Maëlle Hector, Clinical Psychologist
Master’s Degree In Clinical Psychology and Psychopathology – ULB, Belgium
Children, Teenagers, Adults
Consultations disponibles en français
Maëlle Hector is originally from France. She holds a Master’s Degree in Clinical Psychology and Psychopathology from ULB Brussels University in Belgium. In Brussels, she was a researcher in a Mother-Infant Unit of a Psychiatric Clinic, an intern in an Adult Observation Unit of a Psychiatric Hospital, and an intern in a Child and Youth Emergency Center.
Hong Kong Clinical Psychologist
Prior to her arrival in Hong Kong, Maëlle Hector worked in Beijing for 5 years as a Clinical Psychologist in international clinics. She also worked within the expat community and with international schools to provide professional support and advice.
Living abroad for over 20 years, Maëlle Hector has a strong experience of the challenges of expatriation and their impact on professional, personal and family life. Being an expat can be tough. She is an accredited member of the Belgian Federation of Psychologists (BFP).
Maëlle Hector offers individual Consultations and Support to Children, Teenagers and Adults
She has worked with a wide variety of individuals and cases with a focus on:
- Mood disorders (depression)
- Obsessive-Compulsive Disorders
- Trauma (PTSD)
- Chronic pain
- Sleep disorders
- Anorexia and eating disorders
- Parent counseling
- Pervasive developmental disorder
(Autism, Asperger’s syndrome)
- Adjustment issues
- Learning disorders
- Third culture kids (TCKs)
Maëlle Hector’s therapeutical approach is Pychodynamic Psychotherapy. She uses:
- Talking therapy (adults and teens)
- Play and drawing (children)
Anyone can experience in their life difficult moments, or seem locked into fixed, repetitive dysfunctional behaviors, relationships.
Psychodynamic psychotherapy focuses on unconscious processes as they are manifested in a person’s present behaviour.
The therapist works with his patient to explore unresolved conflicts and symptoms that arise from past dysfunctional relationships, and to understand his thoughts, feelings, relationships, behaviours, dreams and fantasies.
Through this self-awareness process, the patient progressively identifies the sources of his personal issues and the influence of the past on his current functioning. He gets relieved from his psychological distress when he is able to develop more adequate ways of dealing with difficult situations.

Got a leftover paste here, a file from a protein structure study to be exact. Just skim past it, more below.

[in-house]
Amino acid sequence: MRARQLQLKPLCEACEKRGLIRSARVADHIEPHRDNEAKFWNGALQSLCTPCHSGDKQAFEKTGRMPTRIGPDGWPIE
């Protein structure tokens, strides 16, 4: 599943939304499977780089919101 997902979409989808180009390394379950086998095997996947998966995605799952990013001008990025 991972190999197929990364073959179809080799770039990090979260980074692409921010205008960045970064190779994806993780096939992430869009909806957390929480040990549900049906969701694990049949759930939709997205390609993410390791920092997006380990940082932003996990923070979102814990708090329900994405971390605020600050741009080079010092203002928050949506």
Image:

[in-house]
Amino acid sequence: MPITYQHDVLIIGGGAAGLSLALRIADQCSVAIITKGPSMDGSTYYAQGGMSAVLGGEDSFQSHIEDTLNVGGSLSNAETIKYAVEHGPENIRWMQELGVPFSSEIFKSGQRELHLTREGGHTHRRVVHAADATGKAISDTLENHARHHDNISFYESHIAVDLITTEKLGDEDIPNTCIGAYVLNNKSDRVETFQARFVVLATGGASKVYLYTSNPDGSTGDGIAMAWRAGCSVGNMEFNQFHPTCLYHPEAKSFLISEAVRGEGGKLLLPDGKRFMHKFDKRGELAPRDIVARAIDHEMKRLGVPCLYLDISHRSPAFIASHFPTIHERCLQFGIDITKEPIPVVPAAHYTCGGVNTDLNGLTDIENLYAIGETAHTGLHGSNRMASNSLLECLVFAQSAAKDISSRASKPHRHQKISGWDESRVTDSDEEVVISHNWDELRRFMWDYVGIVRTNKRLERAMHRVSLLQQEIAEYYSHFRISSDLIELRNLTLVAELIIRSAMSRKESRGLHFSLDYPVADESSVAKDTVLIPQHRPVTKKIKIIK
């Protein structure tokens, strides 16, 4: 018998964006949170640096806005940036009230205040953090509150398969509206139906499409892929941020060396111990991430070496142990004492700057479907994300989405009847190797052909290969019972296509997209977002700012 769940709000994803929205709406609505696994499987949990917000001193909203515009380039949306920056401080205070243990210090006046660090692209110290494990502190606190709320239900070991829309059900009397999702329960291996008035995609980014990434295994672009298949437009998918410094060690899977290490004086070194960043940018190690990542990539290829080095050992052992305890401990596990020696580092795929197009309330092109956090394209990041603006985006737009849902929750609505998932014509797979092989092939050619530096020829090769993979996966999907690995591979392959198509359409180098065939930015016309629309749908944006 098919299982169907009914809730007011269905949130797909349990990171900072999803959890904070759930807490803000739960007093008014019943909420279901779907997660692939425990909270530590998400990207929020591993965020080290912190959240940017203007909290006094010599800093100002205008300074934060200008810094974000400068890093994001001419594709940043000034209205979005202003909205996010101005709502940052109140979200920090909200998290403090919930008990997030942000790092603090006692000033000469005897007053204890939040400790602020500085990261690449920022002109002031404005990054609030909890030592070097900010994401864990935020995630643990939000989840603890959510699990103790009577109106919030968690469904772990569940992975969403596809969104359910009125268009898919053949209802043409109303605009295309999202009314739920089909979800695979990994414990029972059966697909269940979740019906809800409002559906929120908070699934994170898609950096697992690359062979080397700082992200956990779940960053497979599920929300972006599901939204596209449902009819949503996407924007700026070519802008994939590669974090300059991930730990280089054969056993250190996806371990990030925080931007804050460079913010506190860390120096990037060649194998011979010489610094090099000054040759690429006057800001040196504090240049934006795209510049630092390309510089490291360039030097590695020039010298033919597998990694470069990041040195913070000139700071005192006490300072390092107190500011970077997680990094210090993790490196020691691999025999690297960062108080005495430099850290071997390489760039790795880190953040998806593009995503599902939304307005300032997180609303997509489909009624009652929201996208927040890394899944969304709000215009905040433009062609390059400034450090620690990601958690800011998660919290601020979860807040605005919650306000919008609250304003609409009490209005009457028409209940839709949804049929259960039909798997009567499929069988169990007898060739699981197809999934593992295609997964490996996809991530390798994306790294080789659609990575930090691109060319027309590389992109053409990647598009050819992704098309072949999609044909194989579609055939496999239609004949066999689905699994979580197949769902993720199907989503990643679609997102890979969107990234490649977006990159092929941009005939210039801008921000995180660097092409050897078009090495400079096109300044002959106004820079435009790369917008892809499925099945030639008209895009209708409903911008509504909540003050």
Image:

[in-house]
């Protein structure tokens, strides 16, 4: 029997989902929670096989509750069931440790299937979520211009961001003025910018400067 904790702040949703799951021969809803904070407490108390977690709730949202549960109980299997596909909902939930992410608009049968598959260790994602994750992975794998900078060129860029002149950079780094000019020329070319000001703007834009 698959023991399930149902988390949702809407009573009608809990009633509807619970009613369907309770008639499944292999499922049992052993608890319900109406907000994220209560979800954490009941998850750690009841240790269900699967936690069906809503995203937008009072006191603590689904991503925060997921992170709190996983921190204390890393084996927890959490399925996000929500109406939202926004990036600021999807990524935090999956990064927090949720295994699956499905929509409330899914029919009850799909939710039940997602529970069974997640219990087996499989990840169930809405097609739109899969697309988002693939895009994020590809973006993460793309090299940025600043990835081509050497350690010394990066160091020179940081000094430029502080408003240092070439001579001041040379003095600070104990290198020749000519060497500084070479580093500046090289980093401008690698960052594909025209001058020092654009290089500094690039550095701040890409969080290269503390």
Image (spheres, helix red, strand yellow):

Psychotherapy with Children
In addition to verbal interactions, play and drawing enable children to express their feelings, conflicts and experiences in a safe and controlled setting, where they can try out new behaviors. Having access to the child’s inner world, the therapist gets a deeper comprehension of the problematic situation, and helps the child, his family and the environment (school, etc.) to find a better adjustment.
Talking Therapy with Adults and Teenagers
In a setting that guarantees empathic neutrality and confidentiality, talking about personal issues with a professional helps to organize ideas, better explain a situation, and therefore make sense of a psychological distress.
Therefore, adults and teenagers can better deal with their negative feelings, overcome stressful situations, make positive choices in their life, build up self-confidence, etc.
Maëlle has published several articles about expatriation matters in expat magazines in China.
Expatriation and its psychological adjustments
“Knowing that adjusting to a new country is not a straight-line can be reassuring”.
Back from expatriation: how to manage it?
“Expat people generally don’t expect to experience a ‘reverse culture shock when’ back in their home country”.
The impacts of expatriation on couples’ lives
“experienced with your partner or family, expatriation is a life project that can strengthen or undermine the foundations of the couple.”
Workshop on the Third Culture Kids (TCKs).
“How to help TCKs to build up their identity through their multicultural experiences?”